Arrangements can also be made so that you can view the proposals in person at: County Hall, New Road, Oxford, OX1 1ND, between 9am and 4.30pm Monday to Friday.

Please note that the deadline for responses is 23 June 2017

Ruth is working on a response to these proposals on behalf of City Lib Dem Group. Please copy her into any comments you may have. The bus companies are not happy with some of the proposals and the removal of buses from Queen Street is of particular concern for public transport users.

Daytime support consultation -have your say

Find out more about the County Council’s proposals for a new, flexible system of daytime support across the county, and share your views on the options that have been proposed.

Book your place at one of their meetings.

Call 01865 323410 or email daytimesupportreview@oxfordshire.gov.uk. The County Council can organise transport for you or pay travelling costs if required.

Oxford

Tuesday 22 November 2016, 12.30pm – 2:30pm
West Oxford Community Centre, Botley Rd, Oxford OX2 0BT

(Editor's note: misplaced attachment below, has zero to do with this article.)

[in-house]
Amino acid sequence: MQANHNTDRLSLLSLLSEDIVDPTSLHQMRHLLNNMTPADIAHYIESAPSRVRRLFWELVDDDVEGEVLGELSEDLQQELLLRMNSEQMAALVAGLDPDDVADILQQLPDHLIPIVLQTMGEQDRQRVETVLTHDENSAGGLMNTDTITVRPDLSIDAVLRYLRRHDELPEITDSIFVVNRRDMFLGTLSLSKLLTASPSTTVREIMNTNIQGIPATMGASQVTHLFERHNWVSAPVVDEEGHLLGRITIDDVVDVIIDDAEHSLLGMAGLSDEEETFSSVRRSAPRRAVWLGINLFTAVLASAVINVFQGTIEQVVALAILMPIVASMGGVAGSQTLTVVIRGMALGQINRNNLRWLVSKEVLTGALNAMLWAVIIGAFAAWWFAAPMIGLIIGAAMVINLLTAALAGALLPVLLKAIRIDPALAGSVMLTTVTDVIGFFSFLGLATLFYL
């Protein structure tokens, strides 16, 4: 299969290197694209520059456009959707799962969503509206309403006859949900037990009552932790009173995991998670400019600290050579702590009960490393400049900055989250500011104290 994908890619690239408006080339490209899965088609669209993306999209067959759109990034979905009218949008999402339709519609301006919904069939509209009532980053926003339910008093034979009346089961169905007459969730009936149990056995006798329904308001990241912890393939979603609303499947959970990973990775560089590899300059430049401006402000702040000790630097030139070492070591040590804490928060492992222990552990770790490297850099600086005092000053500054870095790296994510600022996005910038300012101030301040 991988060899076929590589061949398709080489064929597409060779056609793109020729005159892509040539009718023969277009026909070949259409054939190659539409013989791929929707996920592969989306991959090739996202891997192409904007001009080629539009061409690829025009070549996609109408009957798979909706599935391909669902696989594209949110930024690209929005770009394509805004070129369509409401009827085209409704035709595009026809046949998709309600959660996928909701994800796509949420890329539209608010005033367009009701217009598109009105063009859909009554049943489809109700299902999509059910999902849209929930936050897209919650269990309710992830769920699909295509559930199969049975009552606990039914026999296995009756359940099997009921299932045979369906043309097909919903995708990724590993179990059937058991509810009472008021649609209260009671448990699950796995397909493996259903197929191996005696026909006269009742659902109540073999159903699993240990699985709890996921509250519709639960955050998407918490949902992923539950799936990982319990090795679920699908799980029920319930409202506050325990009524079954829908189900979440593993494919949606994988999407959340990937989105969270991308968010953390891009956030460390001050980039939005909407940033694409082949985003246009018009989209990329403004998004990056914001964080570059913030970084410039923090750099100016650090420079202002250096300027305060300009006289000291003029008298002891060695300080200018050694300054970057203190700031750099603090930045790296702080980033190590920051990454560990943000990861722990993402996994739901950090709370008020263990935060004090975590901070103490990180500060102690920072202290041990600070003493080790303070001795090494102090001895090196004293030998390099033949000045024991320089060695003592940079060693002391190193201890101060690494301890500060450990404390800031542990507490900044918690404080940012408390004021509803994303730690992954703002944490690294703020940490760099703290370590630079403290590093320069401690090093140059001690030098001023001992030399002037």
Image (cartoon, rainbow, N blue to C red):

Banbury

Wednesday 23 November, 12.30pm – 2:30pm Banbury Town Hall, 1 Bridge St, Banbury OX16 5QB

For more information – visit their website or pick up a consultation pack at a daytime support centre or library.
Closing date for comments: 20 December 2016

 

Queen Street consultation

The County Council’s consultation on the traffic regulation orders and new zebra crossings in Queen Street can be found here

Oxfordshire County Council proposes to improve the Queen Street area in central Oxford by:

  • Prohibiting buses from accessing and driving through it. This would in effect make the street – similar to Cornmarket,
  • Permitting cyclists to travel along Queen Street in both directions at all times of day, for a trial period of 18 months. Currently cycling is banned between 10am and 6pm,